The rules are simple: Get from the top to the bottom of Vallons de la Meije ski area as fast as possible, by nearly any route. In a good year, about 1,000 snowboarders and tele-, mono-, and alpine skiers take on the nearly 7,000-vertical-foot, off-piste challenge. Whether you ski it or decide to skip it, be sure to stick around for the four-day festival, which includes rock, reggae, and electronica. www.derbydelameije.com
Engadin SkiMarathon, Maloja to S-Chanf, Switzerland, March 12
Gliding over 27 miles of frozen lakes and through forests and meadows requires a lot of endurance and heavy breathing, but more than 12,000 cross-country skiers—rom world-class fitness freaks to lounge lizards—ign up each year. Chase the course record of one hour 32 minutes or take it slow and soak in the splendor of the Engadin Valley. www.engadin-skimarathon.ch
Giro d'Italia, Italy, May 21–28
Followed by the Tour de France and the Vuelta a España, the Giro is the year's first grand-tour stage race. Ride Strong (www.ridestrongbiketours.com) offers one-week trips that let you spin ahead of all the pros on the tough midrace mountain stages in the Dolomites. www.giroditalia.it
Steep Skiing Camps Worldwide, La Grave, France. American freeskier Doug Coombs presides over a thrilling ski week in hairy terrain. Campers learn couloir etiquette, beacon drills, and more. www.dougcoombs.com
Chocolate Freeride Productions, Verbier, Switzerland. Intended for solid skiers wishing to safely graduate to big-mountain freeriding, weeklong courses sample Verbier's mammoth off-piste. www.chocolatefreeride.com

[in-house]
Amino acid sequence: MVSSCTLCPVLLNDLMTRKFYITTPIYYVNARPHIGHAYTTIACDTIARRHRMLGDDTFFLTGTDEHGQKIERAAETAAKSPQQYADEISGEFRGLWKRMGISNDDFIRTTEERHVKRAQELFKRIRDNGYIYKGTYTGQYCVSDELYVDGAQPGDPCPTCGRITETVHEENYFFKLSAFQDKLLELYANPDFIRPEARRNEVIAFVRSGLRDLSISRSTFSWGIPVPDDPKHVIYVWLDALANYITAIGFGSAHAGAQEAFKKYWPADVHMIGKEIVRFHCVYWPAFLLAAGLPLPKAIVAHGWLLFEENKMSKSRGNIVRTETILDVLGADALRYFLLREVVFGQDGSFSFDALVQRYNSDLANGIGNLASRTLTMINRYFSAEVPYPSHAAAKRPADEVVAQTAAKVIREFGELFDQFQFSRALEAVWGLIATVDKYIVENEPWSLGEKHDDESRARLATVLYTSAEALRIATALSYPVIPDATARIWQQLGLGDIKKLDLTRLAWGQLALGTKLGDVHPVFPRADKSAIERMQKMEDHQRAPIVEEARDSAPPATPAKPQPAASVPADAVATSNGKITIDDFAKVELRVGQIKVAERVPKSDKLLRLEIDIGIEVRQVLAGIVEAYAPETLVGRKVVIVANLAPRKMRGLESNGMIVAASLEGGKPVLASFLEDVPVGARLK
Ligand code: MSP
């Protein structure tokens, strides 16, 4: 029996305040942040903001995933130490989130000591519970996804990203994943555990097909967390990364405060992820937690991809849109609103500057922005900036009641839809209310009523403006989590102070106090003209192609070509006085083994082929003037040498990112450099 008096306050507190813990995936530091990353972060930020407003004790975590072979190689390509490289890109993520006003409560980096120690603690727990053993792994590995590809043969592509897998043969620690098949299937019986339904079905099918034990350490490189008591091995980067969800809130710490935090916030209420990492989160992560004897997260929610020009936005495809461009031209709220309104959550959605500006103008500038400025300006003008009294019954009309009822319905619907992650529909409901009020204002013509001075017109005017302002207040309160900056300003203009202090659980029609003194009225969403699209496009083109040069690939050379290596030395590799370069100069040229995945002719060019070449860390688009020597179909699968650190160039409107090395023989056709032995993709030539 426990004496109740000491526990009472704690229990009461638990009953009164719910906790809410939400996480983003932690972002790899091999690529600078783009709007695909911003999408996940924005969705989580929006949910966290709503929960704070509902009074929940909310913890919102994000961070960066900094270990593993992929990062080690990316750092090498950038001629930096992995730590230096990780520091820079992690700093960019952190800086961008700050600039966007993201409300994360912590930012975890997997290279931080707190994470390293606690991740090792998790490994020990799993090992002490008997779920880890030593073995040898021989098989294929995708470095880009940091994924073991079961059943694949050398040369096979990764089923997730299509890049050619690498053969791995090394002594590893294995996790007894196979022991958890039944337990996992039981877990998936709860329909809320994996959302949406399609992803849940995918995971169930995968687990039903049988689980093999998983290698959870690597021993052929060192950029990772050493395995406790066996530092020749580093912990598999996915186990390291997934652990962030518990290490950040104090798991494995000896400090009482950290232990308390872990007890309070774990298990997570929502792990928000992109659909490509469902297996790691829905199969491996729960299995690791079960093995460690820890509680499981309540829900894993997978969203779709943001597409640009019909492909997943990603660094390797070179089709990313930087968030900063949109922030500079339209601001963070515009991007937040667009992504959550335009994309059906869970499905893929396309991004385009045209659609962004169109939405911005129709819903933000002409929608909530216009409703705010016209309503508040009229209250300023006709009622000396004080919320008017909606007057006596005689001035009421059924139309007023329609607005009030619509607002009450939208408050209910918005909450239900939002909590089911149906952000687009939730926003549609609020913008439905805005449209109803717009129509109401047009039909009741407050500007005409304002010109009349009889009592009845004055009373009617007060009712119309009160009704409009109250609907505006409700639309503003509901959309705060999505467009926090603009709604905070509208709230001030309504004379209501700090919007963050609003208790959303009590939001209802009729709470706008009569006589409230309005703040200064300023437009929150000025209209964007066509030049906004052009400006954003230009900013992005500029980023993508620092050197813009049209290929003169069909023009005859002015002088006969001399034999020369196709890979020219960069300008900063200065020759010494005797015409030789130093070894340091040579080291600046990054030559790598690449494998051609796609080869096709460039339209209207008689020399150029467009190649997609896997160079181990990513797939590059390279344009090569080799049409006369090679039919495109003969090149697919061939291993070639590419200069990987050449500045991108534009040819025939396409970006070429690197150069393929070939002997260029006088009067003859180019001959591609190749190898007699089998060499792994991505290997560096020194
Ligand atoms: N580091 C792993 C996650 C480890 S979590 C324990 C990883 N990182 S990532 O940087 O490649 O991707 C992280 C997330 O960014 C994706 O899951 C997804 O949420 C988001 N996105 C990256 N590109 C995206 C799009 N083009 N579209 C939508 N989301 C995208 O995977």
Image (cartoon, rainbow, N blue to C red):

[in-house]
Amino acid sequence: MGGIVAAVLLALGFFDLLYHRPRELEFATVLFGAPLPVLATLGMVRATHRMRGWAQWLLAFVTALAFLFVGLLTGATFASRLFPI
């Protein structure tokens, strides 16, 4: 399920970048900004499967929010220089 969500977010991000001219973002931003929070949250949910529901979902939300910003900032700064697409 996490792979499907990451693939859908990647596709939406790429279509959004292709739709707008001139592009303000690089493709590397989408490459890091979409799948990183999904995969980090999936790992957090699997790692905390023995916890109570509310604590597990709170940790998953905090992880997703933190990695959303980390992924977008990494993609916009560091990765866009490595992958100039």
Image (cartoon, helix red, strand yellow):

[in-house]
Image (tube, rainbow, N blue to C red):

Portes du Soleil is a sprawling resort in southeastern France that houses 209 lifts and, in summer, 373 miles of mountain-bike trails. Ride from village to village, using the lifts and granny gears to pedal to a different hotel each night. Traces Directes organizes tours and can help get your bags from bed to bed. $1,330 for five days; 011-33-4-50-74-7040
SwisSkiSafari uses helicopters to access 7,000-vertical-foot descents in the Swiss backcountry and chill time at five-star front-country hotels. In between, blast down groomers in Saas Fee, Zermatt, and Verbier. Four days of skiing, meals, and accommodations, $7,900; 011-41-27-398-2194, www.swisskisafari.com
KE Adventure Travel's guides will show you how to crampon and piolet your way along France's Mer de Glace, Glacier des Rognons, and even up the Mont Blanc du Tacul, a 14,000-foot peak. Eight-day trip out of Chamonix, $2,555; 800-497-9675, www.keadventure.com
Engelberg, Switzerland: Snow-porn stars Shane McConkey, Jamie Pierre, and Micah Black all visited this resort last season. Why? To ride in-bounds treats like Steinberg (4,000 crevasse-riddled vertical feet) and backcountry steeps like Galtiberg (a 6,500-foot plunge). A local guide is highly recommended. www.engelberg.ch